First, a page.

The last thing I want to discuss is that even if Treasury HAD explicitly stated verbatim that every American will be able to buy into the GM IPO (and I’ve yet to see any evidence they did), putting the above aside, why do we think EVERY American should be able to buy the IPO? 1. 40% of Americans don’t have any net Federal income tax liability (i.e. 40% of people don’t pay any Federal taxes), 2. why does anyone think just because someone pays Federal taxes they should be automatically qualified to buy-into a questionable IPO? Whats driving Joe and Jane Outraged Investor’s motivation to get into the IPO? Does the average retail investor understand dynamics of public offerings, the auto industry, index/fund “frontrunning,” pension accounting, turn-arounds, or any of the relevant factors affecting the performance of the issue? Methinks not.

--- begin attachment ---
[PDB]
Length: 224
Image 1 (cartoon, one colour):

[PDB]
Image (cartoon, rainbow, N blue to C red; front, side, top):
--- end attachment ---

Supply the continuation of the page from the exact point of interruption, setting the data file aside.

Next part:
So, instead of all of the (mostly) MSM coverage discussing the outrage from “everyday investors” why don’t we get some insight into why these ‘folks want to get into the deal in the first place. I’ll bet that the responses won’t be much more informed than the testimony given by the NTC employees about their “Robo-Signing” duties (see my Thoughts & Good Reading post from Monday).
Not only do investors need to be protected from predatory practices, they need to be protected from themselves (and firms need to protect themselves from frivolous lawsuits resulting from “improper” conduct and the like).
Securities Law types, brokers, advisors, etc please feel free to weigh in on the issue.
Just a warning, this is a rant, and as such, it is going to be stream-of-consciousness and likely rambling and at times borderline incoherent. That being said, here we go: